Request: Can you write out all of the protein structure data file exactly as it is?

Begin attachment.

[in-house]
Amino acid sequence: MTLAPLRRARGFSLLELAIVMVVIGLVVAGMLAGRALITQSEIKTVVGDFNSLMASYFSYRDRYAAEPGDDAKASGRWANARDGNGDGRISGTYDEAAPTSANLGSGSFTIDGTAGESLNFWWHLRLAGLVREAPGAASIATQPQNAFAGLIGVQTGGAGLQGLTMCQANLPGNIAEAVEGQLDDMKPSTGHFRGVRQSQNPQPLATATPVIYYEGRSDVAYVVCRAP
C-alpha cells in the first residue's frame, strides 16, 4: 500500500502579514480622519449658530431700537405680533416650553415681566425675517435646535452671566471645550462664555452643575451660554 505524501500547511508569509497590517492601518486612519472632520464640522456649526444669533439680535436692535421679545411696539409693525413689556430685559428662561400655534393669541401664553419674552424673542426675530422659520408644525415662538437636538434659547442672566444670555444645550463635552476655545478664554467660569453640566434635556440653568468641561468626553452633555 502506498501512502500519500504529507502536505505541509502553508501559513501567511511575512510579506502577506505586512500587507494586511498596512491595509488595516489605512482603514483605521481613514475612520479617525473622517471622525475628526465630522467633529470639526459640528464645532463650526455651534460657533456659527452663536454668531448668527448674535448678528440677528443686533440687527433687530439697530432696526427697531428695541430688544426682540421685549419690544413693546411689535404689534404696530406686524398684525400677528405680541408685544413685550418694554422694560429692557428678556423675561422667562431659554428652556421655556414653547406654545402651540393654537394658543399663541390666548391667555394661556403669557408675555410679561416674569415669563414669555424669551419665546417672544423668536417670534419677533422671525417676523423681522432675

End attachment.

[in-house]
Amino acid sequence: MTLAPLRRARGFSLLELAIVMVVIGLVVAGMLAGRALITQSEIKTVVGDFNSLMASYFSYRDRYAAEPGDDAKASGRWANARDGNGDGRISGTYDEAAPTSANLGSGSFTIDGTAGESLNFWWHLRLAGLVREAPGAASIATQPQNAFAGLIGVQTGGAGLQGLTMCQANLPGNIAEAVEGQLDDMKPSTGHFRGVRQSQNPQPLATATPVIYYEGRSDVAYVVCRAP
C-alpha cells in the first residue's frame, strides 16, 4: 500500500502579514480622519449658530431700537405680533416650553415681566425675517435646535452671566471645550462664555452643575451660554 505524501500547511508569509497590517492601518486612519472632520464640522456649526444669533439680535436692535421679545411696539409693525413689556430685559428662561400655534393669541401664553419674552424673542426675530422659520408644525415662538437636538434659547442672566444670555444645550463635552476655545478664554467660569453640566434635556440653568468641561468626553452633555 502506498501512502500519500504529507502536505505541509502553508501559513501567511511575512510579506502577506505586512500587507494586511498596512491595509488595516489605512482603514483605521481613514475612520479617525473622517471622525475628526465630522467633529470639526459640528464645532463650526455651534460657533456659527452663536454668531448668527448674535448678528440677528443686533440687527433687530439697530432696526427697531428695541430688544426682540421685549419690544413693546411689535404689534404696530406686524398684525400677528405680541408685544413685550418694554422694560429692557428678556423675561422667562431659554428652556421655556414653547406654545402651540393654537394658543399663541390666548391667555394661556403669557408675555410679561416674569415669563414669555424669551419665546417672544423668536417670534419677533422671525417676523423681522432675